During Honduras Crisis, Clinton Suggested Back Channel With Lobbyist Lanny Davis

The Hillary Clinton emails released last week include some telling exchanges about the 2009 military coup that toppled democratically elected Honduran president Manuel Zelaya, a leftist who was seen as a threat by U.S. business interests.

LAS VEGAS, NV - JUNE 18:  Democratic presidential candidate and former U.S. Secretary of State Hillary Clinton speaks at the National Association of Latino Elected and Appointed Officials' (NALEO) 32nd Annual Conference at the Aria Resort & Casino at CityCenter on June 18, 2015 in Las Vegas, Nevada. Clinton addressed the group of Latino policymakers as she makes her way through early primary states after officially launching her campaign for president on June 13.  (Photo by Ethan Miller/Getty Images)

The Hillary Clinton emails released last week include some telling exchanges about the June 2009 military coup that toppled democratically elected Honduran president Manuel Zelaya, a leftist who was seen as a threat by the Honduran establishment and U.S. business interests.

At a time when the State Department strategized over how best to keep Zelaya out of power while not explicitly endorsing the coup, Clinton suggested using longtime Clinton confidant Lanny Davis as a back-channel to Roberto Micheletti, the interim president installed after the coup.

During that period, Davis was working as a consultant to a group of Honduran businessmen who had supported the coup.

In an email chain discussing a meeting between Davis and State Department officials, Clinton asked, “Can he help me talk w Micheletti?”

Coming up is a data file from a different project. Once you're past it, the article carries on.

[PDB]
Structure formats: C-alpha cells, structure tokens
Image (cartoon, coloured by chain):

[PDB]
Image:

Davis rose to prominence as an adviser to the Clintons during the Monica Lewinsky scandal, and has since served as a high-powered “crisis communications” adviser to a variety of people and organizations facing negative attention in the media, from scandal-plagued for-profit college companies to African dictators. His client list has elicited frequent accusations of hypocrisy.

Davis was not the only foreign agent with access to Clinton. As The Guardian and Politico have reported, other emails point to lobbyists with direct access to Clinton’s personal email.

The request to talk to Davis came on October 22, 2009, a crucial turning point for the “de facto” government that had ousted Zelaya.

A week later, Clinton and her top aides reportedly brokered a deal to bring Zelaya back to power through a national unity government. But the deal was no “breakthrough,” as some media outlets reported. Rather, there was a huge loophole, providing the pro-coup Honduran legislature with veto power over Zelaya’s return. The supposed plan fell apart, and the “de facto” government sponsored what many considered a fraudulent election while denying Zelaya’s return.

The election, on November 29, 2009, was beset by violence, with anti-coup organizers murdered before the election and the police violently suppressing an opposition rally in San Pedro Sula and shutting down left-leaning media outlets. Major international observers, including the United Nations and the Carter Center, as well as most major opposition candidates, boycotted the election. As journalist Jesse Freeston documented for the Real News Network, election officials provided wildly disparate estimates for election turnout. The election paved the way for coup-supporters from the National Party to solidify power.